Historical Perspective on the Politics of Debt

Twenty five years ago, when Congress was locked in a fierce debate about the rising budget deficits of the Reagan years, a conservative House member named Newt Gingrich derided his fellow Republican, Senator Bob Dole, as the tax collector for the welfare state.

It was a sign of the times, but the deficits of those years were trifling compared to those of today and the debate will soon be on about what to do about them.

What drove Gingrich's characterization of Dole was the tendency of some Republicans, confronted with mushrooming spending on benefit programs prized by Democrats, to agree to large tax increases to pay for them.

But Republican efforts to rein in spending on Social Security and Medicare — the two big drivers of the growing debt — have repeatedly a) failed and b) made them ripe targets for Democratic attacks: Witness George W. Bush's failed effort to reform Social Security by partially privatizing it.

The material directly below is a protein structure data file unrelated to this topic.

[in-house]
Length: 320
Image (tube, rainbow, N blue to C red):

Democrats, fresh from creating a new health care entitlement, no doubt sense they have set yet another trap for Republicans. If Republicans resist heavy new taxes to offset the deficits, they will have to support the kinds of serious benefit cuts the public has repeatedly gagged on in the past.

But public alarm about spending has never been as intense as it is today. Some Republicans, such as Congressman Paul Ryan of Wisconsin, who has a serious plan involving serious cuts, are betting it will be different this time.

We'll see.

Brit Hume is the senior political analyst for Fox News Channel.